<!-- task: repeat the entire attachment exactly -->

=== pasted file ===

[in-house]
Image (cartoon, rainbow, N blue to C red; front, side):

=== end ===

[in-house]
Image (cartoon, rainbow, N blue to C red; front, side):